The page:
A Class 1 medical device is a product that has been registered with the Medical & Healthcare products Regulation Agency (MHRA). This means it has been designed and thoroughly tested, with evidence based research to prove it is safe and effective to use.
Under the Consumer Protection Act 1987, regulations exist to ensure medical devices meet the requirements so that they are acceptably safe to use and suitable for their intended purpose. Any manufacturer of a medical device must follow these guidelines alongside the relevant Part of the UK MDR 2002.
How do I know if my support is a Class 1 medical device?
All Ultimate Performance supports and braces are registered as Class 1 medical devices so you know you are buying a safe and effective product.
If something is worn on the body to help with an injury, it’s a medical device. To show it’s registered as such like any medicine or medical device, with the MHRA, it should state “UKCA” and “Class I” medical device on the packaging.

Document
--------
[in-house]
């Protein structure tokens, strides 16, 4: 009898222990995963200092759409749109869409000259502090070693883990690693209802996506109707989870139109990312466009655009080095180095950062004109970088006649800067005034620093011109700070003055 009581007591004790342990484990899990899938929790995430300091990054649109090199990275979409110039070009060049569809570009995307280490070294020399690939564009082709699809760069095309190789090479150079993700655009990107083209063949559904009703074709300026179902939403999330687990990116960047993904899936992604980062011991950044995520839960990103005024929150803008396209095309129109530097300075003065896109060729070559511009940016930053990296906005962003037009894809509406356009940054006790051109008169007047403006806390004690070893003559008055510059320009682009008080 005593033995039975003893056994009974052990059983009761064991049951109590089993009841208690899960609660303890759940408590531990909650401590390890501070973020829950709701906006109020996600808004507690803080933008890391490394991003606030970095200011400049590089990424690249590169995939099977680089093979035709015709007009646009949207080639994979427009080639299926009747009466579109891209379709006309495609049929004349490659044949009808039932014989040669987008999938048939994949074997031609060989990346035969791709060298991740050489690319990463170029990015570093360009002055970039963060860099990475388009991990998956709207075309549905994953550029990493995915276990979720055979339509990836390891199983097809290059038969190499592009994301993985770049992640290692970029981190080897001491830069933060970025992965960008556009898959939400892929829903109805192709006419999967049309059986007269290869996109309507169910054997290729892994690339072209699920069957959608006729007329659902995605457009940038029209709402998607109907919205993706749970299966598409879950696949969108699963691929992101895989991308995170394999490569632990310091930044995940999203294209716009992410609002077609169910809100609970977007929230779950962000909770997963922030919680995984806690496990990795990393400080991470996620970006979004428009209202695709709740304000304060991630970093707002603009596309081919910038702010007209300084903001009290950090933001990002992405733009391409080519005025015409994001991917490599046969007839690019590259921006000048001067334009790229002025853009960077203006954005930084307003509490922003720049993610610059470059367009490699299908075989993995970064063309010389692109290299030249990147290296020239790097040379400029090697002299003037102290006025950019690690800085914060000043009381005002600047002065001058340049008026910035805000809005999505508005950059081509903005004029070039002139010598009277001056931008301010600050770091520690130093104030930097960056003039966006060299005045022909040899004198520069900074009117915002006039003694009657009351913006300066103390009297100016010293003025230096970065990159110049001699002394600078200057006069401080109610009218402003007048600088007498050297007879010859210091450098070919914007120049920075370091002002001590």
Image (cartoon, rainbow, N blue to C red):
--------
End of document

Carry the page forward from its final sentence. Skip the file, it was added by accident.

If you buy a support or brace that is a lot cheaper, but does not show the compliant marks, you might wonder how thoroughly the manufacturer has designed and tested it’s products. It certainly is not complying with the legal requirements set out for the industry.
Medical Device Classification
The classification of a particular product is based on the level of risk they pose to patients and users.
Class 1 Medical Devices
Class 1 devices are low-risk devices. Examples of Class 1 medical devices include supports & braces, bandages, handheld surgical instruments, examination gloves, and many non-invasive diagnostic devices like thermometers.
These devices are considered to have the lowest potential risk and are generally simple in design and function. They are typically not intended to sustain or support life and have a low potential for causing harm to the user.
Class 2 Medical Devices
Class II devices are intermediate-risk devices. Examples include CT scanners or infusion pumps for intravenous medications.
Class 3 Medical Devices
Class 3 devices are high-risk devices that are very important to health or sustaining life. Examples include pacemakers and deep-brain stimulators.